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Gawain_and_the_Green_Knight.jpgOne of my favourite Christmas stories of all time is the late fourteenth-century anonymous poem Gawain and the Green Knightwhich survives now only in a single manuscript filled with charming pictures (see left – aren’t they sweet?)

In this rollicking tale, King Arthur’s court is interrupted during some festive feasting by a peculiar green chap (who is also sparkly in the frankly bizarre in the terrible 1984 film Sword of the Valiant) who invites the knights to partake in something that he calls a ‘Christmas Game’.

It turns out that this ‘Christmas Game’ is that Gawain and the Green Knight will chop each others’ heads off (pictured above). Gawain is not very keen, until the Green Knight tells him he can have first chop. Thinking he’s on to a winner, Gawain chops off this chap’s head and thinks he’s safe. Not so since the Green Knight picks up his head, and tells Gawain the blow will be repaid a year and a day from then, and to keep his honour Gawain has to find his way to the Green Chapel to receive it.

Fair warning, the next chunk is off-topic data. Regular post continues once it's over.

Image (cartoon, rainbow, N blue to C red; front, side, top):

So far, so not what you want to receive for Christmas. But off Gawain goes until he comes to a castle near to the Green Chapel. He’s generously hosted by its lord, more feasting ensues, and ends up as the object of his host’s wife’s alarmingly persistent desire, which culminates in her giving him some underwear of hers that he accepts since she claims it has the power to save any man from death. (Magic pants indeed). Quite a useful festive gift for a man who’s about to have his head chopped off.

I shan’t spoil the end (you can google it if you’re dying to find out), but rest assured that our dashing hero has quite a tale to tell at the next Christmas feast. Gawain and the Green Knight, although it covers an entire year, is closely tied to medieval traditions surrounding Christmas. It opens with a Christmassy feasting scene, and King Arthur demanding stories and entertainment for the festive season. The ‘Christmas Game’ that Gawain accepts would usually have been something more whimsical and fun than having one’s head chopped off. Perhaps they even played charades.*

Anyway, when you are all sitting around at your family Christmases, do take comfort in the fact that at least no one is going to chop off your head.

 

(* I am sure they did not.)

 

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